But that’s what God said isn’t it? “This is my Son, whom I have chosen; listen to him.” That’s the focus – Jesus – shining or not – and his words – listen to him – which isn’t referring to audibly hearing him as some sort religious musak – but listening, taking in, trusting, obeying.
Why? Why should they? Why should we?
Because Jesus was transfigured?
The world would probably say a big ‘yes – sure if I saw Jesus glow I’m on his side’. I think many Christians would say likewise. ‘We’re on the side of power – Jesus is a superman – the best body guard around – yes, I want to see him glow, I want the miracles.’
Me? I’m not sure at all. I keep thinking perversely of Monty Python and the Holy Grail when King Arthur is trying to tell some peasants that he’s king because the Lady of the Lake had given him Excalibur only to be told that “strange women lying in ponds distributing swords is no basis for a system of government!”. Arthur’s fantastic experience is belittled and reinterpreted by others. That’s how it is with the miraculous – they are signs only to those who already believe – for others they are pieces of evidence to any conclusion you might care to make. On top of that a glowing person is not necessarily a good thing if he’s out to get you and there is a big leap to claim that a powerful Jesus won’t just snot you when he gets up close.
Jesus was talking to Moses and Elijah – or were they talking to him? – or were they talking together? – about Jesus’ departure – his exodus – which Luke says Jesus would accomplish at Jerusalem. Again we have the link, the reminder of the Old Testament and the rescue of God’s people from slavery in Egypt. Were Moses and Elijah there as cheer squad or as trainers in a boxing match – “nearly there boss – only three more rounds to go”? Or was Jesus’ lost or had he forgotten the plot and needed a prompt? Hardly, since he, eight days earlier, spoke of his suffering and death.
Again, I wonder whether there isn’t a double meaning here – an obvious one considering the outcome on the cross and why we’re here today in church as followers of Jesus – hmmm … listening to him – but also the struggle that Jesus must have gone through to follow the Father’s will – to drink the cup to the bitter dregs – and maybe … maybe Jesus was about to depart from earth back to heaven – and Moses and Elijah came and spoke their words – the torah and the prophetic promises which Jesus would fulfil – for Jesus himself relied on God’s Word. The Word made flesh relies and trusts God’s word – that’s like trying to unravel the mystery of the Trinity. But it really suggests something – that someone “dazzling white” – ie., powerful – praying to God – discusses his exodus – a rescue – is it of himself from suffering or you from suffering?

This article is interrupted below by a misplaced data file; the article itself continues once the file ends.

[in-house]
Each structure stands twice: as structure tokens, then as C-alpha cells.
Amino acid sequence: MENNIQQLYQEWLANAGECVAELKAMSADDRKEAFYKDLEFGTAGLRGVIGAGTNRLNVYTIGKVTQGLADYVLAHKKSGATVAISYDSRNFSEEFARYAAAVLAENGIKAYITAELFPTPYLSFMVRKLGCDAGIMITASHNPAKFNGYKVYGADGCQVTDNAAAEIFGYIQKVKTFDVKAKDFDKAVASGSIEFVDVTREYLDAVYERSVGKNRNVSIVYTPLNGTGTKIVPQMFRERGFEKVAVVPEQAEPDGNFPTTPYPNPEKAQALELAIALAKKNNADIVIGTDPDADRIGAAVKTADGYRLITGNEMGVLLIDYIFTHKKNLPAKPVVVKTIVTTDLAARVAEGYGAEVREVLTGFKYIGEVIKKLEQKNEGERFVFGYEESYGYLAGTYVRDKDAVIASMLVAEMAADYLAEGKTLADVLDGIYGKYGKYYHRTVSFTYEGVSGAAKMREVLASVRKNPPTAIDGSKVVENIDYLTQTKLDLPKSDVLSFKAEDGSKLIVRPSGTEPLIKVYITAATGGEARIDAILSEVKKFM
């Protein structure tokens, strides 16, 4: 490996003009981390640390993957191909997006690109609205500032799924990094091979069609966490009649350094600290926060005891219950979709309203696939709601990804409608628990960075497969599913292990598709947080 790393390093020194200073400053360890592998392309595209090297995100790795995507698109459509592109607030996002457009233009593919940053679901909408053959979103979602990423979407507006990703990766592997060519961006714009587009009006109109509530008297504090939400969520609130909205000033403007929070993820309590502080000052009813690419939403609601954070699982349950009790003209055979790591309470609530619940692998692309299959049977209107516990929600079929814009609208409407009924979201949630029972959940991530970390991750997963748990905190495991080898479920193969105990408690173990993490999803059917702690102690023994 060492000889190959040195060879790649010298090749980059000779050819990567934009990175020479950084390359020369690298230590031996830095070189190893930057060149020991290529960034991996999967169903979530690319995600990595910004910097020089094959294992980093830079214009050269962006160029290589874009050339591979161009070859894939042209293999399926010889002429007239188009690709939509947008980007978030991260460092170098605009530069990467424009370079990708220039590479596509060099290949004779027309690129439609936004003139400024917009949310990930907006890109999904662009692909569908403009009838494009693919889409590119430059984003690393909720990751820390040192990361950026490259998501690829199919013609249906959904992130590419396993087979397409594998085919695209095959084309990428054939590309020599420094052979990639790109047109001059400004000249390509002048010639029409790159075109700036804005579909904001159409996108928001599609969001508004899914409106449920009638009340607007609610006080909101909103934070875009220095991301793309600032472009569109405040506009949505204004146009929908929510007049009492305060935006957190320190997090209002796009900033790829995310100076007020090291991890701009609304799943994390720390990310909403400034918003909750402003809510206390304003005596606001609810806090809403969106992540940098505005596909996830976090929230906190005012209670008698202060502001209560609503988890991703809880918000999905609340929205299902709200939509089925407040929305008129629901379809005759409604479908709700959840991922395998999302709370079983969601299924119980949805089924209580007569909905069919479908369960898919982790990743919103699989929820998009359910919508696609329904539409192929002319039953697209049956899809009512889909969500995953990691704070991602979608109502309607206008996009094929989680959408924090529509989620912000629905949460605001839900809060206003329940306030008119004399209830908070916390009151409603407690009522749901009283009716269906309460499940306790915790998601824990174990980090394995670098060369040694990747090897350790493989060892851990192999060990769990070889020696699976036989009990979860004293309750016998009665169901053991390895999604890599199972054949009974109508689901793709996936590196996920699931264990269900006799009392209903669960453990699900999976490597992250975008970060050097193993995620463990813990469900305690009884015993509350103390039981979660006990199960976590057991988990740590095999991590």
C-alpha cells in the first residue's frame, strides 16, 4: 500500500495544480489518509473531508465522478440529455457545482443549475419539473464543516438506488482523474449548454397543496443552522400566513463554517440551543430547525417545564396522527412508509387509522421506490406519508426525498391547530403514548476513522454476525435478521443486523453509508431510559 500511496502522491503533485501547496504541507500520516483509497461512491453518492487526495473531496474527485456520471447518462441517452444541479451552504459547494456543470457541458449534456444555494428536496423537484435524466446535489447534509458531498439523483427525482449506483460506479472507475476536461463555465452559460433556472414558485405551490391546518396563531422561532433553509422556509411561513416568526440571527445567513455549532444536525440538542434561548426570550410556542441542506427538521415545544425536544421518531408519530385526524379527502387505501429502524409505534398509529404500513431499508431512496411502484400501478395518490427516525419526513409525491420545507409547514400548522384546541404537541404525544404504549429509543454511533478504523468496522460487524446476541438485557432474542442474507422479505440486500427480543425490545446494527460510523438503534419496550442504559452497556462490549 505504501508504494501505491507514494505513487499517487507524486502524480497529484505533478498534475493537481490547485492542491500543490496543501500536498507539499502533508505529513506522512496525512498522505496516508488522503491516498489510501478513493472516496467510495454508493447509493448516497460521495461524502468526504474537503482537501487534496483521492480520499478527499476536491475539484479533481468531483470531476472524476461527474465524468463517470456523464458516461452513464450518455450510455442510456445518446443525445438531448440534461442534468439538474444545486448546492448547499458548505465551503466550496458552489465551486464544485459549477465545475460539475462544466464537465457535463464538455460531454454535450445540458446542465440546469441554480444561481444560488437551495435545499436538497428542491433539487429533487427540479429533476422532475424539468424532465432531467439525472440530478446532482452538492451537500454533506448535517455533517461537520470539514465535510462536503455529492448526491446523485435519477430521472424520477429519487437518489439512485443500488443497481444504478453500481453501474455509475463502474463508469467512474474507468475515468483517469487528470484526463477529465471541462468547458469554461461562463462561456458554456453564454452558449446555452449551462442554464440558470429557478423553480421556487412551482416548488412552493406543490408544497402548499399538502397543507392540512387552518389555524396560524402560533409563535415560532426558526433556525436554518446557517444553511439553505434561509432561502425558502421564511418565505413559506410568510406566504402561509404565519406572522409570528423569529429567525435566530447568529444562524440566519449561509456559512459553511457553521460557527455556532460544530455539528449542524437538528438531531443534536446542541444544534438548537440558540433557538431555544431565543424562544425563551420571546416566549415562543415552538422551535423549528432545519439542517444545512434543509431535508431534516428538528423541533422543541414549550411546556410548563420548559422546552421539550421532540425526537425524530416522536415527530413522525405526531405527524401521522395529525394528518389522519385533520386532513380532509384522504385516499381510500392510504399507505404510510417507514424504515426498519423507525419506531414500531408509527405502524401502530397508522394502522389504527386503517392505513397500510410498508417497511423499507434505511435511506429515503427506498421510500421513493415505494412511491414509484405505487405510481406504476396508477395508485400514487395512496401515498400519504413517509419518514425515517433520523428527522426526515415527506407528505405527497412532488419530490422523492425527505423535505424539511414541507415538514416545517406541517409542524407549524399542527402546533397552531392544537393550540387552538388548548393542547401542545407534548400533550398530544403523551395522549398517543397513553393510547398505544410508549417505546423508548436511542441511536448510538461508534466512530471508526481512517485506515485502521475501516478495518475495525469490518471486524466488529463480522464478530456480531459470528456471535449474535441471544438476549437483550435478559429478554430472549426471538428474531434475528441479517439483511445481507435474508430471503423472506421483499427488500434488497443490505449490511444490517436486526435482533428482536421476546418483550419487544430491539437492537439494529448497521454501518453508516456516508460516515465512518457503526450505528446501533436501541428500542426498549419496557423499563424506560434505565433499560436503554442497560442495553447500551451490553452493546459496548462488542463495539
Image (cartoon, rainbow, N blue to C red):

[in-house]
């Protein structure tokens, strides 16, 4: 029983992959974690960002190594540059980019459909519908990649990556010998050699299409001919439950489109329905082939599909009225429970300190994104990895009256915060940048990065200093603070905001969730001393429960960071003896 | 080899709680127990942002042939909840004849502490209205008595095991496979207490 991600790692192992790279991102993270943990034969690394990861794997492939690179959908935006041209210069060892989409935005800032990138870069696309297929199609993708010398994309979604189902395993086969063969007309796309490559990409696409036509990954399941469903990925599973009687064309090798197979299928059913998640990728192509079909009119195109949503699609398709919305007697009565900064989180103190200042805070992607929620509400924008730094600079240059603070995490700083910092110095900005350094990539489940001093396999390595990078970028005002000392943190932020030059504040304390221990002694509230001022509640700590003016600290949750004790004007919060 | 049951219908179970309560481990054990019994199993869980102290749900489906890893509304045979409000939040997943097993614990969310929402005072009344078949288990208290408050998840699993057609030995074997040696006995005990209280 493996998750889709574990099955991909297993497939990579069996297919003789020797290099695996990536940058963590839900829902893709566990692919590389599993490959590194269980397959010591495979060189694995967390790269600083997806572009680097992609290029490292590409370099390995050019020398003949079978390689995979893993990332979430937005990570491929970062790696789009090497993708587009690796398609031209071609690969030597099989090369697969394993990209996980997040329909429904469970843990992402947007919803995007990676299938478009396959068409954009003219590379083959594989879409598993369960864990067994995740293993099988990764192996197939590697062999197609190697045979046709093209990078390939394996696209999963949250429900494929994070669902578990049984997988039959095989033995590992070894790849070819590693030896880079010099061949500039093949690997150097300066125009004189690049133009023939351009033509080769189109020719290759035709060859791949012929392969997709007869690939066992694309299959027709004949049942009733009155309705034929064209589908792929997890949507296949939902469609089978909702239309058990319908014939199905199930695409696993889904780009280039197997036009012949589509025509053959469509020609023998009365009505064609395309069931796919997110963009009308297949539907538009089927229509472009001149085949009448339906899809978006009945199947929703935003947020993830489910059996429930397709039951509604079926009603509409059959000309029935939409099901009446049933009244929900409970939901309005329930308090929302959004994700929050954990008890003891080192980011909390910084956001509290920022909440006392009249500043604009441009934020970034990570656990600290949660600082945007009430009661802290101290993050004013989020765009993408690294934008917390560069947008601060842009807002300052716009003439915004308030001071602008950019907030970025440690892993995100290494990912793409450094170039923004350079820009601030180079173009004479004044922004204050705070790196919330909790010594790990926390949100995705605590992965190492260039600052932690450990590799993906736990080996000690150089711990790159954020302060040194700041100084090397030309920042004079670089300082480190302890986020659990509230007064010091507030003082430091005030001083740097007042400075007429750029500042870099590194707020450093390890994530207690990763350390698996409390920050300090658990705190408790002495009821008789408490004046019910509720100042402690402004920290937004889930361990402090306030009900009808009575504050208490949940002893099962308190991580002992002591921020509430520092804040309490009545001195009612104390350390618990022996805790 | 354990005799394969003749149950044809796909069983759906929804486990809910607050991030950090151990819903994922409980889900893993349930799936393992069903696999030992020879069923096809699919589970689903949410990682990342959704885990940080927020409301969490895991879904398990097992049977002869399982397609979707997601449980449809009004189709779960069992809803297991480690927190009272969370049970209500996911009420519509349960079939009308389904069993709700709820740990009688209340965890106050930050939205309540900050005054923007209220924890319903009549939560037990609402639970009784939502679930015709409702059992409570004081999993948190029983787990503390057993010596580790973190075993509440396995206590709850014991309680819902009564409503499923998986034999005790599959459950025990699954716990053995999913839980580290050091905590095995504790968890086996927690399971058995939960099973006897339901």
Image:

And that is why we listen to Jesus!! He rescued us from suffering and hell and death and sin and guilt and shame and every single thing that darkens our lives. Whatever that conversation – we can’t eavesdrop – what we know is that Jesus – true man – truly completely human – and yet truly God – is here to give his life for you and for me. The transfiguration shuts us up – so we can listen – God suffered and died for me!
You know I sometimes wish I could get everyone in Brandon / Coventry / East Kilbride to come here and see the spiritual reality of worship – it’d be cool if the bread and wine of Holy Communion was transfigured – glowing little suns that we eat and drink as we receive Jesus. Then the stupid world would take notice! Silly me! Of course not – the circus crowd would get bored after a while – make the glow green this week – how about red?! What we still need to do is what the disciples learnt. Listen to the words: take and eat and take and drink – this is my body – this is my blood – go and sin no more – depart in peace – take up your cross and follow me – I will be with you to the end of the age.
“This is my Son, whom I have chosen; listen to him.” As we read, study, mediate, and pray God’s Word so we meet Jesus – as we worship and encounter the visible words of Baptism and Holy Communion so we meet Jesus – and he still is the light of the world – the only one who can truly lift any and all darknesses.
- Luke 9:28 - 36